Webster’s Third New International Dictionary (1971) defines these phenomena as follows:
Landslide: Rapid downward movement, under the influence of gravity, of a mass of rock, earth or artificial fill on a slope. Also, the mass that moves or has moved downwards.
Snow Avalanche: large mass of snow, ice, earth, rock, or other material in swift motion down a mountainside or over a precipice.
The encyclopedia Britannica – Micropeadia (1985) gives fairly detailed descriptions of the phenomena as follows:
Also called landslip; Downward mass movement of earth or rock on unstable slope including many forms resulting from differences in rock structure, coherence of material involved, degree of slope, amount of included water, extent of natural or artificial undercutting at the base of slope, relative rate of movement and relative quantity of material involved. Many terms cover these variations: creep, earth flow, mudflow, solifluction and debris avalanche are related forms in which mass movement is by flowage.
If shearing movement occurs on a surface on consolidated rock, the dislocated mass is a debris slide. Cliffs may become so steep through undercutting by rivers, glaciers or waves that masses of rocks will fall freely and constitute a rock-all type of landslide.
Large mass of snow or rock debris that moves rapidly down a mountain slope sweeping and grinding everything in its path. An avalanche begins when a mass of material overcomes frictional resistance of the sloping surface, often after its foundation is loosened by rains or is melted by a warm and dry wind. Variations caused by loud noises such as artillery fire, thunder or blasting can start the mass in motion.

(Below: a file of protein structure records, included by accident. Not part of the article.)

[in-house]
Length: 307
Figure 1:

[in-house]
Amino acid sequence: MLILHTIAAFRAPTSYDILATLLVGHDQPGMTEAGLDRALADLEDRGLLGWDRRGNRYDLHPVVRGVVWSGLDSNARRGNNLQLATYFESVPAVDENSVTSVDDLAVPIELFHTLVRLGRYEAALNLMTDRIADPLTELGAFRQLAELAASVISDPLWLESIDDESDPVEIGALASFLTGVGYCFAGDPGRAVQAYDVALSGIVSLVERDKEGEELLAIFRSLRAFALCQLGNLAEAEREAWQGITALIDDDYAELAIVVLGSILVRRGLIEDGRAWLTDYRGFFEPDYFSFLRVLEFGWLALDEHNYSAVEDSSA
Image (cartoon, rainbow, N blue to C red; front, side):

Some snow avalanches develop during heavy snowstorms and slide while snow is still falling more often they occur after the snow has accumulated at the given site.
The wet avalanche is perhaps the most dangerous of its large weight, heavy texture and the tendency to solidify as soon as it stops moving. The dry type is also very dangerous because its entraining of great amounts of air makes it act like a fluid; this kind of avalanche may flow up the opposite side of a narrow valley. Avalanches carry a considerable amount of rock debris along with snow and therefore are significant geological agents; in addition to transporting unsorted materials to the bottoms of slopes, they may, if repeated, cause an important amount of erosion.
From the above definitions and descriptions, it will be seen that landslides and snow avalanches are phenomena of mountain regions and both involve the swift and sudden movement of large masses of material falling or slipping down a hilly slope. While landslide involves rock, soil and mud; snow avalanche primarily involves snow. While landslide may occur even in smaller hills or rocky terrains, snow. Landslides involve loosened or weakened rocks and mud whereas snow avalanche brings down accumulated or overhanging snow mass although it may collect rock and other debris on its way. Both the phenomena can be triggered by their own weights or by vibrations and also due to loud noise. Earthquakes or even minor tremors are known to have triggered landslides and snow avalanches.
Incidences of landslides are common in the various hilly regions of India but these are more in the Himalayas, in the Western Ghats (including Kerala), Nilagiris. There are occasional reports of landslides in the Vindhyachals and the Eastern Ghats as well. Landslides are more frequent during or after heavy rains.
In India, snow avalanches occur in the Himalayan ranges and more so in the mountain regions of Kashmir, Himanchal Pradesh and the hills of West U.P. this is because the dense forest and vegetation cover in the eastern and northeastern Himalayas act as binding force and inhibit the slippage of snow mass.